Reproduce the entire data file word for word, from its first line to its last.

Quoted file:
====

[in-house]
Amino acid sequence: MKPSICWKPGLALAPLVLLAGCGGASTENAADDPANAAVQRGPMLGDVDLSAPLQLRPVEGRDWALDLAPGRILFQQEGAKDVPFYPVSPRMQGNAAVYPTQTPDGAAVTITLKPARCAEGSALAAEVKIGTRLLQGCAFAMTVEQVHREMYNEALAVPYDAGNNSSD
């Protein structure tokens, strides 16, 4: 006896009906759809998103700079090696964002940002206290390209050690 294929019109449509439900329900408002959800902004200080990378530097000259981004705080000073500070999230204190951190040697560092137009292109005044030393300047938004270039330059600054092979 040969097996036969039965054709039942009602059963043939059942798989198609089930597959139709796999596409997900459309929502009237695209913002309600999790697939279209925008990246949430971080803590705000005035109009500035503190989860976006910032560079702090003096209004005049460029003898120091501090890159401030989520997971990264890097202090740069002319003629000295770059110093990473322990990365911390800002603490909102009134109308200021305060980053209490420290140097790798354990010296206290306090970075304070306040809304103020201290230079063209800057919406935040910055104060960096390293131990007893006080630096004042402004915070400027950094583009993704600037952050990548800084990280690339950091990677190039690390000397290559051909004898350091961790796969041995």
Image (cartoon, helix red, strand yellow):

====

[in-house]
Amino acid sequence: MKPSICWKPGLALAPLVLLAGCGGASTENAADDPANAAVQRGPMLGDVDLSAPLQLRPVEGRDWALDLAPGRILFQQEGAKDVPFYPVSPRMQGNAAVYPTQTPDGAAVTITLKPARCAEGSALAAEVKIGTRLLQGCAFAMTVEQVHREMYNEALAVPYDAGNNSSD
């Protein structure tokens, strides 16, 4: 006896009906759809998103700079090696964002940002206290390209050690 294929019109449509439900329900408002959800902004200080990378530097000259981004705080000073500070999230204190951190040697560092137009292109005044030393300047938004270039330059600054092979 040969097996036969039965054709039942009602059963043939059942798989198609089930597959139709796999596409997900459309929502009237695209913002309600999790697939279209925008990246949430971080803590705000005035109009500035503190989860976006910032560079702090003096209004005049460029003898120091501090890159401030989520997971990264890097202090740069002319003629000295770059110093990473322990990365911390800002603490909102009134109308200021305060980053209490420290140097790798354990010296206290306090970075304070306040809304103020201290230079063209800057919406935040910055104060960096390293131990007893006080630096004042402004915070400027950094583009993704600037952050990548800084990280690339950091990677190039690390000397290559051909004898350091961790796969041995």
Image (cartoon, helix red, strand yellow):